Win/Win Collaborations

flower theme by Liane Sebastian
It is my good fortune to work with many creative professionals. As I evaluate the experiences of collaboration that I’ve both enjoyed or lost sleep over, the differences between the two groups come down to predictable ingredients. Having just finished a blog entry with Jan Long, although a tiny project, it demonstrates some of the aspects of good collaboration. I started with her parameters, wrote a draft that she then better adapted to her format. On the other end of the scale, when working on a large client project as part of a team, observing great project managers is part of what I love most about business.

In contrast, I’ve had a few collaborations that left me feeling sour—when the partner didn’t hold up his or her end of the bargain. It is never what anyone wants to have happen, so how can stubbing toes be avoided?

The base of constructive collaboration is in building the right relationship. It doesn’t happen without that foundation. The best project managers know that the only relationships in business that are profitable occur when goals are shared. If everyone agrees on the direction and the importance of the business cause, then all differences can fall into perspective. If goals are not embraced, then other motivations take over that often are not in the best interest of the business. It is remarkable how many employees do not equate success in their employer’s business with their own success! Knowing and sharing goals also depends on good communication—a clarity of momentum that everyone understands, shares, and builds into a culture.

flower theme by Liane Sebastian“Every conflict provides an opportunity for growth, an opportunity to enrich a relationship. The opposite of love is apathy, not hate. As long as there is conflict in a relationship, there is energy to work on it. Once apathy has set in, it may be too late.”
—Ruth Herrman Siress, Working Woman’s Communications Survival Guide

flower theme by Liane Sebastian“Be specific about your goals and expectations. Don’t assume that others know what you’re thinking. They can’t read your mind.”
—Dr. Donna Brooks and Lynn Brooks, Ten Secrets of Successful Men that Women Want to Know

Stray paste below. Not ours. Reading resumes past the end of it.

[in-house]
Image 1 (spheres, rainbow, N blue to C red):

flower theme by Liane Sebastian“Keys of Business Parenting:
1. Employees need to know exactly what is expected of them.
2. Employees need consistent feedback.
3. Employees will test their environment.
4. Business tools are a manager’s best friend.”

—Katharine Crowley and Kathi Elster, Working with You is KILLING Me

flower theme by Liane Sebastian“All broken relationships can be traced back to broken agreements. If you want self-respect, if you want to stand out in the business community, if you want great relationships, and if you want to be trusted, keep your word.”
—Fran Hewitt, The Power of Focus for Women

I add to these wise women by my observation: the best collaborations are the ones that acknowledge and keep egos in perspective. The difference between a professional and an amateur is knowing the difference between your personal opinions and those appropriate for business. Because I sell creativity, this distinction is critical to determine what directions are best to pursue. A designer’s job is to be chameleon because the results must “look: like the client. Yet the design stems from a point-of-view, approach, or style—which is why we are hired in the first place. Putting “myself” into a design just happens naturally and is not something I think about.

Stylistically, I prefer the “less is more” school of thought. My portfoliois called “elegant.” It’s even called “classic” because I hope that clients will use my designs for a long time. The point here is that the better the collaboration, the better the work. My best designs are for inspiring clients—whether the subject is an industrial brochure a an event promotion series.

What ingredients are present in your best collaborations? I hope these ideas help you define the best scenarios for accomplishments. —Liane

Liane Sebastian, illustrator, designer, writer, and publishing pioneer

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One Response to “Win/Win Collaborations”

  1. Personal Collaboration « Wisdomofwork's Blog Says:

    […] Also see “Win/Win Collaborations“. […]

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